6. Jackie Coogan, at 7, became a world celebrity, honoured by princes, presidents and the Pope himself when he embarked on a European tour. He enjoyed a brief film career as a child actor, but, as Hollywood wits declared, senility hit him at 13 years old. As a young adult he found himself penniless: his mother and step-father had mismanaged his childhood earnings, and what little money was left was eaten up in legal battles. The one good outcome was that Jackie’s much publicised problems led to the introduction of a law to give financial protection to child performers: into this day it is known as The Coogan Act.

The premise forced me to look into the story of Krishna in the Sanskrit epic Mahabharata. For saving Krishna from his uncle Kamsa Krishna’s father Vasudeva had to leave him with Yasoda in Gokul. Yasoda brought him up as her own ward. After everything was settled, it raised a question – who is Krishna’s real mother?

Rather than falling into this debate what I take back from this is, the one-line of the story could be similar. But only the setting in which the story takes place is different. It simply changes the possibilities. The evil Kamsa is replaces by urban evils such as poverty and unemployment. Also, this story is told from Chaplin’s (Yasoda’s) perspective. It makes a whole lot of difference.

This film in particular will hold a special place in my heart because of one strange coincidence. In the afternoon I was reading about the famous story of a Muslim child raised by a Hindu father in Lucknow. And I happen to watch this film on the same night. It was a beautiful accident and I’m sure it will stay with me for a while.

The movie is available on the Internet Archive and you can watch it over here.

Ref: www.charliechaplin.com

#4 Learning from the experts – Nishtha Jain

For those of you who are not familiar with one of the prime candidates for the best documentary film makers of India, Nishtha Jain; she is a former student of Film and Television Institute of India (FTII). She has directed critically acclaimed films such as At My Doorstep, Lakshmi and Me, 6 Yards to Democracy etc. Along with Smriti Nevatia, the duo runs an independent documentary film company named Raintree Films.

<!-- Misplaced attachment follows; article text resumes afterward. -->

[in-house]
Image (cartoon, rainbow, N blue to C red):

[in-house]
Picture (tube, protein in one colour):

I had the privilege of meeting Nishtha Jain at a film screening of Gulabi Gang in Mumbai. Here are a few points I noted as she interacted with us!

Nishtha Jain with Sampat Pal (the real leader of Gulabi Gang)

1. Making a documentary is an unpredictable job. You will never get what you wished for but you will certainly be rewarded for your patience. But Nishtha Jain believes in having everything in writing. No matter what, having a blueprint of your day will help you in deciding how to lead your crew.

2. Others might think otherwise, but making a documentary rather than anything else requires time. The crew spent five months with Gulabi Gang to produce this 96 minute marvel.

3. (I strongly contradict the following point) Nishtha does not believe in giving a direction so as to conveniently reach a desired climax. She believes it is essential to be neutral and non judgmental as a documentary film maker while conceiving a documentary.

4. People in the villages were casual with the camera. Being camera conscious is more of an urban-middle-class obsession. For the villagers, it was more threatening that Sampat Pal was about to interfere in the matter. And they focused on the boom pole; stared at it aimlessly. That worked just fine for the sound.

5. Most of the flow was decided on the edit table. It will not be wrong to say that documentaries are written on the edit table. (The film is edited by Arjun Gourisaria. This amazing documentary won its well deserved recognition for Best Non-Feature Film editing at the 61st National Film Awards. Nishtha was an essential part of the actual edit team as well)

6. You need to be a rebel. Being safe all the time will not get you a good sunset shot. Having said that, nobody appreciates a dead filmmaker with a half baked documentary. So, that!

 

The screening of Gulabi Gang was followed by a screening of the film Yellow. Although I enjoy fiction more, because of the ridicule Yellow produced in me, it heightened my experience of Gulabi Gang. Overall, it was a colourful evening.

 

The film Gulabi Gang was completed (shot) in 2010, first screened in Dubai at the Dubai International Film Festival in 2012 and later in India in 2014. It is based on a women activist group in Bundelkhand, UP. It was distributed by Recyclewala Labs. The same guys who brought you Ship of Theseus which is available for a legal free download over here (at least in India).

If interested, do not miss the trailer of Gulabi Gang over here!

#3 Always a bridesmaid never a bride

Leonardo DiCaprio has been all over social media for NOT winning an Oscar, probably more that Matthew McConaughey. I am surprised how people think that Leo is the only mainstream actor who has yet to receive an Academy Award. So here we go with a few of my favourites who have not received an Oscar in the Best Actor category.